More than 200 descendants of a fugitive slave will be reuniting in Hamilton this weekend. They return to the city where their family first gained freedom.
It was 1860 when Thomas John Holland escaped slavery in Maryland. He fled through the Underground Railroad which led him to Hamilton. For the first time his descendants will reunite in the city where he first lived as a free man.
"Our family has a rich, rich history in Hamilton," said Nerene Virgin, a great-granddaughter of Holland, and an organizer of the event. That they haven’t had a reunion here yet is "kind of surprising," she said.
Family members coming to Hamilton from all over the U.S.
A family of high-achievers, many of the Howard-Holland kin went on to make impressive careers for themselves across North America. Holland’s son, John Christie Holland, was named Hamilton’s Citizen of the Year in 1953 for his humanitarian contributions. He was the first black person honoured with that award.
This weekend many will be coming from Maryland, South Carolina, California and Ottawa to celebrate the three-day reunion. Among them: lawyers, professors, human rights activists, newspaper publishers, a development and diplomacy worker, a secondary school principal, a computer engineer, a television music composer and business owners. Success, it seems, is in the genes.
Virgin herself has been a teacher, a CBC television reporter and anchor, political candidate in the Hamilton Mountain riding, anti-racism activist, and may be best known as an actor — she played "Jodie" on TVOntario’s children’s program Today’s Special in the 1980s.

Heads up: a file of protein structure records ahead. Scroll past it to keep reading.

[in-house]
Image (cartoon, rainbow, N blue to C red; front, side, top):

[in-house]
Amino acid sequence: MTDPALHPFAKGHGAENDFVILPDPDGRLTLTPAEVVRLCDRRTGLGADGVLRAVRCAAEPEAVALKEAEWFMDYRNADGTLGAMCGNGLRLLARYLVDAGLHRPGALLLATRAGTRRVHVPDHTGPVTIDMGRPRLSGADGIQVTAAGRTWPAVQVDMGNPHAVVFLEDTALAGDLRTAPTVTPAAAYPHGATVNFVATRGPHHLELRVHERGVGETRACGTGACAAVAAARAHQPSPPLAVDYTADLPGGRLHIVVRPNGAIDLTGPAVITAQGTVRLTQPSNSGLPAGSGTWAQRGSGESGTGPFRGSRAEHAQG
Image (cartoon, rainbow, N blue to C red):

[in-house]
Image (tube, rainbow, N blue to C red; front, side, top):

"The saying in our family was ‘you rise above,'" Virgin said. "And that came from what my great-grandfather did. It doesn’t matter what life hands you, you rise above it."
Escaped slavery at the age of 15
Thomas John Holland was only 15 when he made the dangerous two-month trip to seek refuge in Hamilton. He evaded bounty hunters chasing runaway slaves. He slept in swamps. He swam across the Niagara River and fended for his life in the wilderness, Virgin attests.
That's a lot for Virgin's grandson, Jackson Holland to live up to. He was born in Hamilton and is 15 years old — the same age his great-great-great-grandfather was when he ran for freedom. He hasn’t attended a reunion yet — most take place in Maryland — but he says he is excited to finally meet his extended family.
He knows his family is exceptional. He hasn’t heard of any other kids at his high school who have big reunions like this.
And when he reflects on his family’s particular accomplishments, he says he feels "very happy." That they could overcome adversity and racism. It fills the teen with confidence.
"I feel like if I ever have any obstacle in my way, I can defeat it," he said. "Because I know it’s in me, it’s in my blood."
The reunion will run from Friday to Sunday and will include a boat cruise, afternoon picnic at Dundurn Castle and Park, an evening of dancing and a church ceremony at the Stewart Memorial Church.
In Virgin’s opinion, the reunion is an opportunity for her American relatives to tour Hamilton and learn about their past. And for the younger members, like her grandson, it will be a chance to "rub shoulders" with a group as successful as them.